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Result ranking by machine learning

The above ideas can be readily generalized to functions of many more than two variables. There are lots of other scores that are indicative of the relevance of a document to a query, including static quality (PageRank-style measures, discussed in Chapter 21 ), document age, zone contributions, document length, and so on. Providing that these measures can be calculated for a training document collection with relevance judgments, any number of such measures can be used to train a machine learning classifier. For instance, we could train an SVM over binary relevance judgments, and order documents based on their probability of relevance, which is monotonic with the documents' signed distance from the decision boundary.

However, approaching IR result ranking like this is not necessarily the right way to think about the problem. Statisticians normally first divide problems into classification problems (where a categorical variable is predicted) versus regression problems (where a real number is predicted). In between is the specialized field of ordinal regression where a ranking is predicted. Machine learning for ad hoc retrieval is most properly thought of as an ordinal regression problem, where the goal is to rank a set of documents for a query, given training data of the same sort. This formulation gives some additional power, since documents can be evaluated relative to other candidate documents for the same query, rather than having to be mapped to a global scale of goodness, while also weakening the problem space, since just a ranking is required rather than an absolute measure of relevance. Issues of ranking are especially germane in web search, where the ranking at the very top of the results list is exceedingly important, whereas decisions of relevance of a document to a query may be much less important. Such work can and has been pursued using the structural SVM framework which we mentioned in Section 15.2.2 , where the class being predicted is a ranking of results for a query, but here we will present the slightly simpler ranking SVM.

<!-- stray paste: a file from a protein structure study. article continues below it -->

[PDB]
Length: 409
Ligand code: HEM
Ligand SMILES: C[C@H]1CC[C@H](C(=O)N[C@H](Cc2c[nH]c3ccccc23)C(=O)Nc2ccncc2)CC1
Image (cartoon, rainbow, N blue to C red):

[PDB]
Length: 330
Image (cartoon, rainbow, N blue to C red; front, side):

The construction of a ranking SVM proceeds as follows. We begin with a set of judged queries. For each training query $q$, we have a set of documents returned in response to the query, which have been totally ordered by a person for relevance to the query. We construct a vector of features $\psi_j = \psi(d_j,
q)$ for each document/query pair, using features such as those discussed in Section 15.4.1 , and many more. For two documents $d_i$ and $d_j$, we then form the vector of feature differences:

\Phi(d_i, d_j, q) = \psi(d_i, q) - \psi(d_j, q)
\end{displaymath} (180)

By hypothesis, one of $d_i$ and $d_j$ has been judged more relevant. If $d_i$ is judged more relevant than $d_j$, denoted $d_i \prec d_j$ ($d_i$ should precede $d_j$ in the results ordering), then we will assign the vector $\Phi(d_i, d_j, q)$ the class $y_{ijq} = +1$; otherwise $-1$. The goal then is to build a classifier which will return

\vec{w}^{T}\Phi(d_i, d_j, q) > 0 \mbox{\quad iff\quad} d_i \prec d_j
\end{displaymath} (181)

This SVM learning task is formalized in a manner much like the other examples that we saw before:
Find $\vec{w}$, and $\xi_{i,j} \ge 0$\ such that:
$\vec{w}^{T}\Phi(d_i, d_j, q) \ge 1 - \xi_{i,j}$
We can leave out $y_{ijq}$ in the statement of the constraint, since we only need to consider the constraint for document pairs ordered in one direction, since $\prec$ is antisymmetric. These constraints are then solved, as before, to give a linear classifier which can rank pairs of documents. This approach has been used to build ranking functions which outperform standard hand-built ranking functions in IR evaluations on standard data sets; see the references for papers that present such results.

Both of the methods that we have just looked at use a linear weighting of document features that are indicators of relevance, as has most work in this area. It is therefore perhaps interesting to note that much of traditional IR weighting involves nonlinear scaling of basic measurements (such as log-weighting of term frequency, or idf). At the present time, machine learning is very good at producing optimal weights for features in a linear combination (or other similar restricted model classes), but it is not good at coming up with good nonlinear scalings of basic measurements. This area remains the domain of human feature engineering.

The idea of learning ranking functions has been around for a number of years, but it is only very recently that sufficient machine learning knowledge, training document collections, and computational power have come together to make this method practical and exciting. It is thus too early to write something definitive on machine learning approaches to ranking in information retrieval, but there is every reason to expect the use and importance of machine learned ranking approaches to grow over time. While skilled humans can do a very good job at defining ranking functions by hand, hand tuning is difficult, and it has to be done again for each new document collection and class of users.


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